News of the newest addition to Britain’s royal family has been the most anticipated event since we wondered who shot JR. This week, we learned of yet another much anticipated, if somewhat less newsworthy, event—the Senate Health, Education, Labor and Pensions (HELP) Committee’s plan to consider the reauthorization of the Workforce Investment Act of 2013 (WIA) – S.1356 — next week.
While not quite on the level of a royal birth, those of us providing job training services to people out of work have waited 10 years for legislation to reauthorize and revamp the nation’s workforce system. It has been 15 years since Congress last sent this legislation to the president, and the next reauthorization was due ten years ago. Talk about needing to induce “labor!”
Senators Harkin (D-IA) chairman of the HELP Committee, and Alexander (R-TN) the ranking member, shared drafts of the bill language on Wednesday.
Titles I through IV make several changes to the workforce system, including streamlining local workforce board composition and adding common accountability measures and new data. They also include evaluation provisions to identify and replicate effective employment strategies and support innovative approaches to job training. Additionally, they incorporate a focus on out of school youth and propose eliminating the sequence of services so that individuals may be enrolled in training even if they have not yet received “intensive services.” The Senate bill will not contain the House-passed provisions that consolidate 34 of the 47 job training programs.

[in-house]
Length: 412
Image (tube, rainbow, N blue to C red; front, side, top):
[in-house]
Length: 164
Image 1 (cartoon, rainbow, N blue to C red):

Title V, which deals with the Public Vocational Rehabilitation program, included a more surprising proposal to relocate the Rehabilitation Services Administration from the Department of Education to the Department of Labor. Prior drafts of the bill did not include this provision. The potential implications have not been fully assessed, but the bill’s sponsors seem determined to preserve the provision despite the opposition of some disability organizations.
Title V also retains Section 511, which Goodwill supports. The provision would ensure that young people with significant disabilities experience an array of employment settings and are provided every opportunity to exercise informed choice. The proposed amendments in Section 511 appear to transform the special wage certificate from simply being an employment placement tool to an employment, training, and rehabilitation program.
Goodwill has followed the developments of this key legislation and will provide more information as soon as it becomes available.